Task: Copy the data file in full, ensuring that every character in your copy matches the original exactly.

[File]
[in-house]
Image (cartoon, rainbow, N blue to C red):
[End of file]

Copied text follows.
[in-house]
Image (cartoon, rainbow, N blue to C red):